A is for Aden and Z is for Zanzabar


A is for Aden and Z is for Zanzibar... Now what is between? For the world wide classical era philatelist and stamp collector, a country specific philatelic survey is offered by the blog author, Jim Jackson, with two albums: Big Blue, aka Scott International Part 1 (checklists available), and Deep Blue, aka William Steiner's Stamp Album Web PDF pages. Interested? So into the Blues...

Monday, October 7, 2013

Maldive Islands

1909 Scott 10 10c carmine 
"Minaret of Juma Mosque, near Male"
Quick History
The Maldives archipelago of some 1200 islands (192 inhabited)  is located in the Indian Ocean 400 miles from Ceylon. The atolls are spread out over 35,000 sq miles (90,000 sq km), with an average ground level of 5 feet, the highest point at 8 feet. As one can imagine, tsunamis, and predictions of higher ocean levels are of ongoing concern.
The Maldives
The Maldives were originally explored by the Portuguese in the 15th century, then by the Dutch in the 17th century. But in 1887, the Sultan of the Maldives signed an agreement with the British Ceylon Governor that made the territory a British Protectorate as a dependency of Ceylon, albeit with internal self-government.

The people are ethnically Maldivians, speak a Devehi language, are of the Sunni Islam faith, and comprised about 100,000 people in 1905.

The Capital is Malé.

During the British Protectorate era, which lasted until independence in 1965, the country was ruled internally by Sultans. In 1968, a Republic was established.

1909 Scott 7 2c orange brown
Into the Deep Blue
The Scott Classic Specialized catalogue has, from 1906-1952, 30 major stamp descriptions. Of those, 16 are CV <$1-$1+, mostly the latter 1950-52 issue.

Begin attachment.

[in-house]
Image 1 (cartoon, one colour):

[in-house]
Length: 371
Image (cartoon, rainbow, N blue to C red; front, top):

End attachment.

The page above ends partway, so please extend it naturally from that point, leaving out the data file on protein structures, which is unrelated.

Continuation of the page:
As noted, there is no stamp production for the Maldives themselves until 1906. Otherwise, the stamps of Ceylon must have been used?

A closer look at the stamps and issues
100 Cents = 1 Rupee
1909 Scott 8 3c green
"Minaret of Juma Mosque, near Male"
The first stamps for the Maldives consisted of six overprinted 1904-05 stamps of Ceylon issued in 1906. The CV ranges from $5-$100, and I don't have any. ;-)

Then, regular stamps of Ceylon were used when the overprint supply was exhausted..

The first set proper just for the Maldives was a 1909 four stamp set with the above design. The CV is <$1-$2+.
1933 Scott 12 3c yellow brown
Type of 1909 issue Redrawn
The rather classic design from the 1909 issue was used again, but redrawn, in 1933. One will note the lack of background horizontal lines on the vignette tablet compared to the earlier issue. The nine stamp set has a CV of <$1-$10. The watermark consists of "Harrison & Sons, London" in script.

1950 Scott 21 3 l deep blue
"Palm Tree and Seascape"
In 1950 and 1952, a nine stamp set with a "Palm Tree and Seascape" pictorial, and a two stamp set with a "Maldive Fish" pictorial were issued respectively. CV for the stamps in the grouping range from CV <$1-$1+ for 10 stamps.

That's it. No other issues. 

Deep Blue
1909 Issue in Deep Blue
The Deep Blue album (Steiner), on two pages, has a space for all of the 30 stamps of the classic era up to 1952.
Maldive Islands in Big Blue
Big Blue
Big Blue '69, on one page, has all 4 spaces for the 1909 issue, and all 9 spaces for the 1933 issue. The 1906 overprinted issue (CV $5-$100+) is rightfully not included.

Considering the limited output of the Maldive Islands, BB is rather generous in its coverage. The stamp spaces also include two that cross the $10 threshold.

Checklist

1909
7,8,9,10,

1933